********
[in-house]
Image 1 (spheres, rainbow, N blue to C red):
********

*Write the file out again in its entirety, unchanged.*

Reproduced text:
[in-house]
Image 1 (spheres, rainbow, N blue to C red):